Jerry and John relish creating family memories and sharing new experiences with their children. “The greatest joy is when you can see how much they appreciate something that they’ve never experienced,” says Jerry. “Going to New York City or going to Maine, or something as simple as eating something they’ve never eaten before that they decide, you know, maybe it’s pretty good.”
Unfortunately, Jerry and John are hurt by the federal government’s refusal to recognize their marriage under DOMA. As a federal employee, Jerry is unable to cover John, who was recently diagnosed with type 2 diabetes, on his family health insurance plan. Instead, they must buy individual coverage for John that costs $440.00 per month.
Ironically, OCC partially subsidizes the cost of John’s health insurance because the agency is not appropriated by Congress, and therefore, even though the OCC is governed by DOMA, it can set some of its own benefits policies. Under OCC’s domestic partnership policy, the agency reimburses up to 72 percent of John’s health insurance premium up to a maximum of $345 per month, which equals about $180 a month. So at the same time that the federal government refuses to allow John to get health insurance coverage under Jerry’s family plan, it is subsidizing his coverage at a greater cost to itself. As Jerry points out, “the federal government is paying for insurance for a self and family plan for me and the kids and is paying towards John’s health insurance separately because of the fact that they reimburse that amount. So the design behind DOMA is that the federal government doesn’t recognize John as my spouse, but the absurd result is that they are in fact paying for John’s health insurance twice.”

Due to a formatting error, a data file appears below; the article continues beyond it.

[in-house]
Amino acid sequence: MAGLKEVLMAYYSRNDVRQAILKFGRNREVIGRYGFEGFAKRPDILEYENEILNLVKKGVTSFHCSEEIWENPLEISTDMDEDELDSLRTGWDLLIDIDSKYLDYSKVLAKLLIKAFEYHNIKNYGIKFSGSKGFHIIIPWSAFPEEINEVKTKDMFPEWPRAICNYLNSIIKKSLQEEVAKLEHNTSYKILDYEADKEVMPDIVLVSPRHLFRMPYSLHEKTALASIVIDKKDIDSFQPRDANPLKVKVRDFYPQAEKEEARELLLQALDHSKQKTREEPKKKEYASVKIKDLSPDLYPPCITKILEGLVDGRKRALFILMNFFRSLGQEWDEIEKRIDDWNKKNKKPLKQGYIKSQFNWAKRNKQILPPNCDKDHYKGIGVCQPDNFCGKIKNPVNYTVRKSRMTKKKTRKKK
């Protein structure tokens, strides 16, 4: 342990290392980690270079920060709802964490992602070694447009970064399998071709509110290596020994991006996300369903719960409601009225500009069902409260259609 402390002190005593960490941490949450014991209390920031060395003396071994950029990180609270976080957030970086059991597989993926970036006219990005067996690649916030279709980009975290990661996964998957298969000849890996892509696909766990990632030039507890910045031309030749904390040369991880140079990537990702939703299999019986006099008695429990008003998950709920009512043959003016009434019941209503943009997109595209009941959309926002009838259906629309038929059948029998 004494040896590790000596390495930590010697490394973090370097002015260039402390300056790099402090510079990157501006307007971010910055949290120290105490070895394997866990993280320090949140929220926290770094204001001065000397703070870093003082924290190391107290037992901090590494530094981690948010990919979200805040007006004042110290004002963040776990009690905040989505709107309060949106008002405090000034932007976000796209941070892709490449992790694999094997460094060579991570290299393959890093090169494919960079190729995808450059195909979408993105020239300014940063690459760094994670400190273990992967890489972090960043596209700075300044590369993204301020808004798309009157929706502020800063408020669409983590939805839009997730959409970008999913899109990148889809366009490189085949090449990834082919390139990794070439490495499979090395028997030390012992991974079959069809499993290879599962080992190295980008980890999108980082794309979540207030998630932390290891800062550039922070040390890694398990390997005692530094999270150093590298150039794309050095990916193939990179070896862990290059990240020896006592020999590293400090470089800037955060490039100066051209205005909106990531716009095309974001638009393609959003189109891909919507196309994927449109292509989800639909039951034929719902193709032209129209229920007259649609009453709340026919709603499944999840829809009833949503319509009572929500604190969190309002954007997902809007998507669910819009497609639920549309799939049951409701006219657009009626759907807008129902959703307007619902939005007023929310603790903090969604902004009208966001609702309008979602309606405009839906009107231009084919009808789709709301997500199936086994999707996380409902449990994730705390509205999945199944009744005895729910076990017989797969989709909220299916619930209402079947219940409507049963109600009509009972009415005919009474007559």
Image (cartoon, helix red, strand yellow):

Despite the reimbursement, Jerry and John still pay roughly $3,120 out of pocket annually for John’s insurance. “We have three kids that we have to raise,” says Jerry. “We live paycheck to paycheck just like everybody else. We are a family just like the person across the street that’s entitled to put their spouse on their health insurance. Why can’t we do that?”
Raquel Ardin & Lynda DeForge
Lynda and Raquel met in 1977 when they were both in the Navy. Raquel was in the hospital recuperating from a broken neck, the result of an accident in the barracks. Lynda was a medic whose duties included caring for Raquel. “It was love at first sight,” says Raquel. “For me, at least.” They struck up a friendship over bedside card games and shared meals.